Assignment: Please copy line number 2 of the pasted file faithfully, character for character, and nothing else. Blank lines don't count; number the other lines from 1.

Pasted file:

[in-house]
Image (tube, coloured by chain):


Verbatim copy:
Image (tube, coloured by chain):